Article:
is the application of science
principles to minimise the adverse effects of human activities on the environment (pollution of air, water, and/or land resources), and to provide healthful water, air and land for human habitation and for other organisms. Although it is widely considered impossible to eliminate all negative impact, it is thought human effects can be decreased and controlled through public education, conservation
, regulations, and the application of good engineering practices (set up of processes, and facilities).
Development of environmental engineering
Two of the principal environmental problems are
"Pollutants" may be chemical, biological, thermal, radioactive, or even mechanical. Environmental engineering emphasizes several areas: process engineering, environmental chemistry, water and wastewater treatment (sanitary engineering), waste reduction, and pollution prevention. It is a synthesis, incorporating elements from civil engineering, chemical engineering, public health, mechanical engineering, chemistry, biology and geology.
- the increasing number of humans on Earth. Along this line, one of the first applications of environmental engineering is the removal of sewage from cities, which became increasingly important as population grew. There was (and in many countries, still is) initially no treatment: wastes are, for example, simply brought to the nearest stream. However, since sewage disposal eventually damages natural waters, methods of treating wastewater prior to discharge were developed. This has evolved into a large industry.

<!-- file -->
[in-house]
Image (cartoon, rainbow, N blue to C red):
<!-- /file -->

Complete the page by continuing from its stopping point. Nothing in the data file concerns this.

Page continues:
- the second major factor is the rising standard of living in many nations, such as in Europe and Australia. A higher living standard generates more consumption of natural resources and more wastes. The standard of living of developed nations is due in part to development of synthetic chemical industry in the 20th century and to the exploitation of fossil fuels for energy production. These industries produced toxic and hazardous chemicals in great quantities long before they were known to be dangerous. Unlike sewage, even small amounts of these molecules may be harmful, but the technology to detect them at low levels did not exist when the new industries appeared. It was then impossible to detect and identify them as factors in human health or environmental problems. There were initially no attempts to control their production, use and disposal.